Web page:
NEW YORK – Taysha Gene Therapies on Wednesday said it has dosed the first pediatric patient in a Phase I/II trial of TSHA-102, it's gene therapy for Rett syndrome.
In the study, dubbed REVEAL, investigators are assessing the safety and preliminary efficacy of TSHA-102 in patients with the rare neurodevelopmental disorder. Rett syndrome is caused by certain mutations in the MECP2 gene and can lead to intellectual disabilities, loss of communication, and seizures, and is most commonly seen in women.
TSHA-102 is an adeno-associated virus 9 vector-based gene therapy that's administered intrathecally. It's designed to regulate cellular MECP2 protein expression.
Dallas-based Taysha in June kicked off the adolescent and adult version of the REVEAL trial in Canada, specifically testing the gene therapy in women with a loss-of-function mutation in MECP2. In this new pediatric trial, which launched in the US, the firm expanded the study to include female patients ages 5 to 8 years old and with stage 3 Rett syndrome.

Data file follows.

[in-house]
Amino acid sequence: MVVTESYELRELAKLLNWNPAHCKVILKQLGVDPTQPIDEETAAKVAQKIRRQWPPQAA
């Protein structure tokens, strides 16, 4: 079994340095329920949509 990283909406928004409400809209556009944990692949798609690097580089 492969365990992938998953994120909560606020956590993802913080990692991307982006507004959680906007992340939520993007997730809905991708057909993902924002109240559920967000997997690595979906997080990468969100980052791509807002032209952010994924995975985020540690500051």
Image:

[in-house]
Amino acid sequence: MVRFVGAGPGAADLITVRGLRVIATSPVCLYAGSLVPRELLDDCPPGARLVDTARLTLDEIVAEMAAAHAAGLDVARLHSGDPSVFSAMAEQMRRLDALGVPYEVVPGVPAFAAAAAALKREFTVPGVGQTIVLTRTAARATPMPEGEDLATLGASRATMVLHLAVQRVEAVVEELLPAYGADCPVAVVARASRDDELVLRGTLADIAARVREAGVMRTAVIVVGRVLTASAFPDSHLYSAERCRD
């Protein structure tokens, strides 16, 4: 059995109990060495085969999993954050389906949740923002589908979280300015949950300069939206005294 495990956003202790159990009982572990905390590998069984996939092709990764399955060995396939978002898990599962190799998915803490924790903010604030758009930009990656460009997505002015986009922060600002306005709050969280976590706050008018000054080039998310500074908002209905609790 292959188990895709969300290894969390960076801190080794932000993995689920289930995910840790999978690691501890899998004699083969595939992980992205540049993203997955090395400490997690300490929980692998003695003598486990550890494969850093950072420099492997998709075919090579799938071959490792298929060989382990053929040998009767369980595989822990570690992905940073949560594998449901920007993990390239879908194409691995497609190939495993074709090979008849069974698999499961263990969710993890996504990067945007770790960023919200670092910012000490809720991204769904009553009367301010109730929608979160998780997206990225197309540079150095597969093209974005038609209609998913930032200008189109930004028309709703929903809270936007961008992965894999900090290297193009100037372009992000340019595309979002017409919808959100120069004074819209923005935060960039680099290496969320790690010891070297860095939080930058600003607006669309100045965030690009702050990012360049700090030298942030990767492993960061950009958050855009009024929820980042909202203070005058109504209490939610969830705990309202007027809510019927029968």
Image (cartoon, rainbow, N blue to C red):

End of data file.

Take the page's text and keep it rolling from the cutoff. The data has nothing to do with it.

"Dosing the first pediatric patient with Rett syndrome marks an important step forward in our efforts to broaden the clinical evaluation of TSHA-102 to younger patients with earlier stages of Rett syndrome," Taysha President and Head of R&D Sukumar Nagendran said.
The UK Medicines and Healthcare Products Regulatory Agency has also authorized the clinical trial in pediatric patients.
REVEAL is an open-label, randomized, dose-escalation, and dose-expansion study. In the pediatric study, investigators will initially determine the maximum tolerated or administered dose in patients ages 5 to 8 years old. In a second part of the study, they will evaluate that dose in two age cohorts: 5 to 8 years old and 3 to 5 years old.
Taysha expects to report initial safety and efficacy data from the low-dose cohort of the pediatric trial in mid-2024.